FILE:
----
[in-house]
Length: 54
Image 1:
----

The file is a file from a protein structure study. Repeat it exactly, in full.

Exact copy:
[in-house]
Length: 54
Image 1: